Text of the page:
Another simpler way of getting only students who were there for each year is to use a different statistical procedure. Go to Analyze, then General Linear Models, then Multivariate. Now you see the common, by now, list of variables. Highlight the same list of FLOSEM variables and move them into the box called Dependent Variables. Now click on Options near the bottom of this screen. Now click in the box next to Descriptive statistics (under Display). Then click Continue and then OK. Now you’ll get some complicated analyses, but the top box—called Descriptive Statistics—will be the same means and standard deviations as with the previous procedure. We’re not even going to trying to explain the rest of this procedure. That’s a high level statistics class. So, you could delete those boxes.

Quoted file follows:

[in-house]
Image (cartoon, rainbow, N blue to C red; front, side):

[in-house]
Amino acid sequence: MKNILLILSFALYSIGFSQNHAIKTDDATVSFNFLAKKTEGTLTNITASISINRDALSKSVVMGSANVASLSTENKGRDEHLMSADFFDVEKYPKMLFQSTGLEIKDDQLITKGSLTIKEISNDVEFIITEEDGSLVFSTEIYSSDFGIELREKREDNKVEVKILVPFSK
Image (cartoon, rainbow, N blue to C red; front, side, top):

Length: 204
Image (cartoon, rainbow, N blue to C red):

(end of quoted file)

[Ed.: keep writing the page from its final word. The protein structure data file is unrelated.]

Now if you wanted to get that information for each combination of grade levels and student language backgrounds, you could use your Split File (Under Data) to do so.
Sometimes it is interesting to make a direct comparison of two groups of students on one measure at the same time. We did that above when we compared EP and ELL/FEP students on the California Standards Test of English Language Arts, using Crosstabs. We used Crosstabs because scores were reported in categories. To compare groups using scores on an interval variable, we will use compare means. Let’s illustrate that with the NCE scores on the SABE2 Total Reading and compare 4th-grade students of different proficiency levels (ELL vs. FEP vs. EP). That will give us an idea of whether, on average, the English-speakers have acquired enough Spanish by 4th grade to perform comparably to the ELL and FEP students, and whether the ELL differ from the FEP students in their native language. Here’s our evaluation question: